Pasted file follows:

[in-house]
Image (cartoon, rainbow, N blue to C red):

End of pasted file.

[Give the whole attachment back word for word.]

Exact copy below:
[in-house]
Image (cartoon, rainbow, N blue to C red):